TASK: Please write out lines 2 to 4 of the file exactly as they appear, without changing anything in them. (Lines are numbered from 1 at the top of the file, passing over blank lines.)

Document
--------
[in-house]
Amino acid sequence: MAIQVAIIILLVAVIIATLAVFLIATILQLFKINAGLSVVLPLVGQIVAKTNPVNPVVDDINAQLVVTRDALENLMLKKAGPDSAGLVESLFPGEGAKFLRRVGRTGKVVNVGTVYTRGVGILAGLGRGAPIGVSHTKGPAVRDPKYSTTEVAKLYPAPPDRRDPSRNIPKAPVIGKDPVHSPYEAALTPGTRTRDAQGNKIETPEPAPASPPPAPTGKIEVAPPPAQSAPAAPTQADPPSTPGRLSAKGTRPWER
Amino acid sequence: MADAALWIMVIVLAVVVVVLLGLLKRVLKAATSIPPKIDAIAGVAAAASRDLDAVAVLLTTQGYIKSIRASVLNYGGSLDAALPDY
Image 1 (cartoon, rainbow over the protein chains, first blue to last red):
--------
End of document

Amino acid sequence: MAIQVAIIILLVAVIIATLAVFLIATILQLFKINAGLSVVLPLVGQIVAKTNPVNPVVDDINAQLVVTRDALENLMLKKAGPDSAGLVESLFPGEGAKFLRRVGRTGKVVNVGTVYTRGVGILAGLGRGAPIGVSHTKGPAVRDPKYSTTEVAKLYPAPPDRRDPSRNIPKAPVIGKDPVHSPYEAALTPGTRTRDAQGNKIETPEPAPASPPPAPTGKIEVAPPPAQSAPAAPTQADPPSTPGRLSAKGTRPWER
Amino acid sequence: MADAALWIMVIVLAVVVVVLLGLLKRVLKAATSIPPKIDAIAGVAAAASRDLDAVAVLLTTQGYIKSIRASVLNYGGSLDAALPDY
Image 1 (cartoon, rainbow over the protein chains, first blue to last red):